Financial predators are experts at developing an image of self-control, confidence, and authority to gain the trust of their clients. The Mesly model of financial predation relates to the functioning of the hypothalamus when perceived predation occurs. Limiting predatory behavior through market or regulatory forces can protect vulnerable clients and banking institutions.
Financial predators excel at getting others to trust them. They pretend to be exemplary citizens, act obediently, and appear to be knowledgeable and highly competent. The authors describe the Mesly model of financial predation and the link between perceived predation and trust. From a neurobiological point of view, the model is convincing. Trust, a form of attachment, is increased by the release of oxytocin. Financial predators seem to have a neurobiological ability to elicit unconditional trust from victims. Cooperation is hindered by stress; thus, financial predators do everything they can to put clients at ease. Efficient cooperation brings about a stronger relationship between the two parties, which increases the victim’s trust in the predator over time.
How Is This Research Useful to Practitioners?
The capitalist system tends to foster financial predators. Character traits that are valued by businesses—such as the capacity to think quickly, make nonemotional difficult decisions, and remain focused—can also allow financial predators to thrive at the expense of others. These financial predators can be categorized as functional psychopaths in many respects, and they have the ability to generate high levels of unconditional trust. They deal with conflict in a structured way and are careful not to exceed a certain level of conflict that could serve as a warning signal. They hide their true feelings and prefer to catch their victims by surprise.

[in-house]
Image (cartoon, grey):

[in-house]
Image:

What allows a potential financial predator to become an active one is lax regulation or monitoring. Avoiding detection is a key strategy of financial predators, and once a predator has been detected, it is usually too late to escape sizable damage.
By being aware of the traits of financial predators, practitioners can establish relevant risk management policies and possibly prevent large losses in their own organizations.
How Did the Authors Conduct This Research?
The authors conduct a study to determine if a certain percentage of the population has the ability to become predators. They define a predatory profile as a person who is cold, calculative, sneaky, and selfish.
Working counterintuitively, the authors use a group of musicians whose work conditions are very different from those of typical financial advisers. Five groups of amateur chorus singers are chosen and presented with a questionnaire to self-report on their natures. Values from a previous study are added as a control group, cluster analysis is performed on personality type, and the model is tested for fit. The authors find that 8 out of the 191 people in their sample fit the predatory profile, and they make 13 observations. Although the model fit is poor, the value of estimators supports past research.
The authors note the limitations in their study. Their sample is not from the banking industry, and it may not be representative of larger populations. Additionally, self-reporting may include biases; participants might have known that the authors were testing for predation.
To further review their model’s accuracy, the authors investigate a real case involving a financial adviser.
Tightening regulation can help protect vulnerable clients and banking institutions, but in numerous cases, charming financial predators are tolerated within an organization as long as they bring in revenue. Although identification could prevent predation, in practice, these manipulative predators tend to be well-respected and can alter their behavior when they need to. They have a certain charisma that makes institutions want to bend the rules just for them.
Raising awareness of functional psychopathy may help limit the devastating impact of predators. In fact, it may be a good idea to encourage industry associations to make this subject required reading for continuing education requirements.